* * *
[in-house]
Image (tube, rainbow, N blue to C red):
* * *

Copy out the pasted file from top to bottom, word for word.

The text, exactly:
[in-house]
Image (tube, rainbow, N blue to C red):